You’d be forgiven if you thought when Microsoft announced that Windows 10 was going to be the last OS that they were telling the truth, because where do you go after 10 if you want to go ‘app based’. But Microsoft have announced the next incarnation of the popular OS, Windows 11.
There are some big and subtle UI (user interface) design changes in the upcoming Windows 11, which is due to be rolled out this Christmas, some users will notice immediately, others are perhaps a little more subtle on the eye.
Kicking off with the big change and that’s to the Start Menu. In fact, it doesn’t exist when you first install the software. Your open programmes and pinned programmes appear in the centre of the taskbar, alluding to Chrome OS and Mac OS respectively. This is a big step for Windows and we all remember when they got rid of the start menu in Windows 8, so it’s fair to say this might throw a few people off and rile some feathers. However, you can change this within the system settings.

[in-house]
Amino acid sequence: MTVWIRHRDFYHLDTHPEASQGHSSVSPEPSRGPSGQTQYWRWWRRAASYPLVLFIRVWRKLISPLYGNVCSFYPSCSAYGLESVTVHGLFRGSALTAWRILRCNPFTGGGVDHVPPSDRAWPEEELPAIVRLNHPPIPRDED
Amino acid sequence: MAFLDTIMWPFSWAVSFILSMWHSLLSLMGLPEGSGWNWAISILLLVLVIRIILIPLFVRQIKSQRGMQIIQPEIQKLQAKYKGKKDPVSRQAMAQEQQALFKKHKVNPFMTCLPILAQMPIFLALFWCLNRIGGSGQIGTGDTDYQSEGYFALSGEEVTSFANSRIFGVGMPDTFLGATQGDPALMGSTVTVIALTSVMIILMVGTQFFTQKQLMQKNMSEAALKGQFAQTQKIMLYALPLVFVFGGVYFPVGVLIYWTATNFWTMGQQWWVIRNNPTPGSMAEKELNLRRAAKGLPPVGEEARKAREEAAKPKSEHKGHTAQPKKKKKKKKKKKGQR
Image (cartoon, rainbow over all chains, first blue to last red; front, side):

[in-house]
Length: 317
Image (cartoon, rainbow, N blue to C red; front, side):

For the first time in Windows OS history, you’ll be able to select a ‘Light mode’ and a ‘dark mode’, again similar to Mac OS and Chrome OS, perfect for those who want to switch to the dark side, but unconfirmed whether it’ll work with third party apps as yet.
Speaking of third party apps (and not related to UI), Windows users will be able to access a greater selection of apps, meaning apps usually meant for mobile screens will be accessible from a PC. Microsoft will redesign it’s Microsoft Store which will allow Android apps via the Amazon Appstore.
Rounded corners, a spruce of transparency and new icons for things such as files, desktop, notepad to name but a few.
It’ll be interesting to see the continued developments of Windows 11, but it’s clear they’re creating a UI that’s not only suitable for desktop computers and laptops, but also tablets and those laptops that turn into a tablet and that have a secondary display in the keyboard, this new UI design could well be handy for those devices.
Windows 11 is set to be released this Christmas and these are already some substantial differences, so we’ll wait and see what other UI changes may happen between now and the release date, but it’s come along way since the grey and green design of 98.